Urban farming is emerging as one of the solutions to sustainability issues and space constraint in dense urban areas. For a few years now, Unibail-Rodamco-Westfield has been launching urban farming projects and scaled them up in different assets. How is the urban farming market evolving and what are the opportunities for Unibail-Rodamco-Westfield? How can the Group go further and imagine even more ambitious projects in the future?
The growing market of urban farms: an opportunity to seize
Urban farming is emerging as a solution to sustainability issues and space constraint in dense urban areas. According to a report presented by “Research And Markets”, urban farming accounted for $210 Bn of revenues worldwide in 2017 and $6.9 Bn revenues in France the same year. And it is expected to grow fast: it is forecasted to reach $289 Bn in revenues by 2026.
This growth is driven by an increasing awareness on sustainability and responsible consumption, the general public will to integrate more nature in urban environments: while global urbanization is still rising – the UN expects urbanization to go from 55% today globally to 68% by 2050 – an internal study showed that 77% of respondents wanted to be surrounded by more green spaces and trees. This trend obviously creates tensions as cities and nature are hardly compatible, urban areas often lacking spaces for green spaces.
In the perspective of a more responsible consumption, two factors seem to have propelled the urban farming market growth: the increasing demand in short distribution channels for food products (e.g. demand in the city of Lyon rose from 24% to 41% over 2012-2017) and in local production (77% of French consumers say they try to buy local products as much as possible, and for 10% of consumers the production country is the first purchasing criterion – source: LSA Conso).
In this favorable market context, many players have engaged in urban farming projects, among which retail (mass distribution food chains, department stores) and real estate companies (commercial real estate, hotels, offices). These projects are very diverse in terms of technical models (green roofs, containers, open ground, aeroponics, permaculture, etc.) and they usually involve specialised companies that provide services, especially early stage start-ups that can tailor their offer for each client and project.
Unibail-Rodamco-Westfield’s ambitious vision for its assets
Unibail-Rodamco-Westfield has been a pioneer in the field of urban farming, integrating it in its standing assets and development projects, by using efficiently and innovatively square metres and rooftops. Besides, most of the Group’s assets are located in very dense and urban areas, which makes them very suitable for such urban farming projects.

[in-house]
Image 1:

Indeed, as demonstrated with the Group’s CSR strategy Better Places 2030, urban farming is a solution that can have a positive environmental impact. It is a solution to produce local and seasonal products and thus have low-carbon footprint and short distribution channels. It is also a way to produce with responsible methods (permaculture…), to encourage biodiversity in cities and to have greener spaces available.
And it goes beyond creating Better Spaces – one of the pillars of the Better Places 2030 strategy –, urban farms contribute to creating Better Communities, as they are really anchored in their territories. Indeed, these urban farms can create synergies with retailers, for instance by using and selling the products grown. This is the case with FarmHouse So Ouest, a 600 sqm rooftop farm operated by Sous Les Fraises, that sells the fruits and vegetables grown there to local restaurants and supermarkets. We can imagine going further with this approach: restaurants partnering could, in turn, recycle their organic waste in compost for the urban farms, hence recovering waste and creating a circular dynamic.
These spaces are also a new way of attracting and interacting with visitors. These dedicated spaces answer a customer need for green spaces in urban areas, and can offer a new user experience thanks to the organization of events and workshops open to the public. Finally, urban farms should benefit local communities, for example through the rental of farming space to local residents, as it is the case at Westfield Parly 2 in its 1,n000 sqm rooftop farm, Peas&Love, available for rental to locals.
And Unibail-Rodamco-Westfield is going further by thinking of new models of urban farms suitable to test on development projects, such as hydroponics with greenhouses, plain greenhouses, aeroponics in columns, soil containers, etc. Other urban farming projects for development assets are ongoing and planned to open in the coming years, starting with Paris Expo, which will welcome a 14,000 sqm rooftop urban farm in 2020, the largest one in Europe to date, and SHIFT, where Sous Les Fraises should open a farm on the 2,600 sqm rooftop in 2020 as well. Innovation with urban farms has led the Group to think more widely on how to include more usages around nature and green spaces.
More projects are still under discussion for standing assets and development projects – SHIFT will offer spaces with trees and vegetation, the Majunga and Trinity towers will have open pergolas – with the same ambition: adding value to the centres, the retailers, the visitors and the local communities by ensuring a long-lasting positive environmental impact.